State and Strategy Pattern by rt3463df


									State and Strategy Pattern

        By: Luke Robak
        Brandon Liang
        Presentation Overview
Part 1              Part 2
State Pattern       Strategy Pattern
Need of a State     Demand for
Mission Statement    Strategy
Uses                Strategic Plan
   We have 4 states: blue, black, green and red.
   Two functions push() and pull() changes the current state.
   Blue state: push -> green state, pull -> red state
   Black state: push -> red state, pull -> black state
   Green state: push -> black state, pull -> blue state
   Red state: push -> blue state, pull -> green state

   What are the common programming structures to solve this
             If/Else Statements
             Switch/Case Statements
Alternative Solution
      State Design
    Why Use A State Pattern?
 Dynamically change an objects internal state
  during runtime.
 The state pattern creates a separate class for
  each conditional branch. This eliminates if/else or
  switch/case statements.
 Code is modular to allow easy creation of new
State Pattern - Class Diagram
Advantages                     Disadvantages
 Encapsulates all behavior      Increased number of
  of a state into an object       objects.
 Eliminates massive lines of
  code involving if/else or
  switch/case statements
  with state transition logic
 State changes occur using
  one object, therefore,
  avoiding inconsistent
                Back to the Problem
   Implementation 1: No State Pattern
   public class ContextNoSP {
      // The state!
      private Color state = null;
      // Creates a new ContextNoSP with the specified state (color).
      public ContextNoSP(Color color) {state = color;}
      // Creates a new ContextNoSP with the default state
      public ContextNoSP() {this(;}
      // Returns the state.
      public Color getState() {return state;}
      // Sets the state.

        public void setState(Color state) {this.state = state;}
     Implementation 1 Continued
   public void push() {
      if (state == state =;
      else if (state == state =;
      else if (state == state =;
      else if (state == state =;
      }
     public void pull() {
      if (state == state =;
      else if (state == state =;
      else if (state == state =;
      else if (state == state =;
      }    }
           State Pattern Solution
   Implementation 2: State Pattern
   public abstract class State {
      public abstract void handlePush(Context c);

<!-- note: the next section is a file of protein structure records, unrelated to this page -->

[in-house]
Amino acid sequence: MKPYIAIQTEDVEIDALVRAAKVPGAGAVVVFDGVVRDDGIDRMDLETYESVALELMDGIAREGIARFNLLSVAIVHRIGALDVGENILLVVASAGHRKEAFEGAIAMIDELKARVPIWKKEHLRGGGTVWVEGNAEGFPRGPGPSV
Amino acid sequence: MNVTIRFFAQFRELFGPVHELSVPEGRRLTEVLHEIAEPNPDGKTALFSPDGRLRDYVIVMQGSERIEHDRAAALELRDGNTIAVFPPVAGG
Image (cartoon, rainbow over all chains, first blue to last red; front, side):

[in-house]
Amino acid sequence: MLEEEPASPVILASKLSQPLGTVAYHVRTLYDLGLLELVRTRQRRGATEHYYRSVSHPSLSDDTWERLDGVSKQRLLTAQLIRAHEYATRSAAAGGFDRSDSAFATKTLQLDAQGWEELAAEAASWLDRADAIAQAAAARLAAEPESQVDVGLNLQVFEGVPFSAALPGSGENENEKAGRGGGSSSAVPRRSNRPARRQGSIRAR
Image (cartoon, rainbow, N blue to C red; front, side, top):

 public abstract void handlePull(Context c);
      public abstract Color getColor();
     public class BlackState extends State {
        // Next state for the Black state:
        // On a push(), go to "red"
        // On a pull(), go to "green"
        public void handlePush(Context c) {c.setState(new RedState());}
        public void handlePull(Context c) {c.setState(new GreenState());}
        public Color getColor() {return (;} }
     Implementation 2 Continued
   public class Context {
      // The contained state.
      private State state = null; // State attribute
      // Creates a new Context with the specified state.
      public Context(State state) {this.state = state;}
      // Creates a new Context with the default state.
      public Context() {this(new RedState());}
      // Returns the state.
      public State getState() {return state;}
      // Sets the state.
      public void setState(State state) {this.state = state;}
      public void push() {state.handlePush(this);}
      public void pull() {state.handlePull(this);}
Who   creates the transition states?
  Incorporated into the ConcreteState classes
  Context Classes for simple cases
  When are ConcreteState Objects
Create  when they are needed.
Create once and have the context
 class reference it when they are
 Can we use a state-transition
Yes, but they are more complex to
 understand and implement.
Upgrading functionality of program is
 more difficult.
          Strategy Pattern
Takes  an algorithm from its host and
 encapsulates it into a separate class.
An object and its behavior are separated
 and put into two classes.
This allows the algorithm to be switched at
 any time.
The algorithm/behavior encapsulated in its
 own class is called a strategy.
Strategy Pattern - Class
      Demand for Strategy
When  would you want to use a
 strategy pattern?
 When you have several objects that are the same
 and only differ in behavior.
Advantages                      Disadvantages
 Eliminates large conditional    Increases the number of
  statements.                      objects.
 Easier to keep track of         All algorithms use the same
  different behavior because       interface.
  they are in different
 A variety of
  implementations for the
  same behavior.
 Example of Strategy Pattern
You  have an array and at run-time
 you want to decide which sort
 algorithm to use.
Encapsulate each different sort
 algorithm using the strategy pattern.
Class Diagram of Sort Example
             Example 2
Many   different layout strategies
 exist. A GUI container wants to
 decide at run-time which layout to
Encapsulate each different layout
 algorithm using the strategy pattern.
Class Diagram of Layout
 Summary of Strategy Pattern
Many   related classes differ in behavior
Need to use the same algorithm with a
 slight variation
Hides complex, algorithm-specific data
 structures from the client
Eliminate conditional branches and put
 them in their own separate strategy class
            Exercise 1
There are a lot of similarities
 between state and strategy patterns.
 What is the difference between the
            Exercise 2
Given  the java classes available
 online, add a new department to the
 program (logistics), which has two sub
 states, shipments, deliveries.
             Exercise 3
Homework  for
 reading week!!
            HAVE FUN!!!

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